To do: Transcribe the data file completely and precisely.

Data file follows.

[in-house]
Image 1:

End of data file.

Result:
[in-house]
Image 1: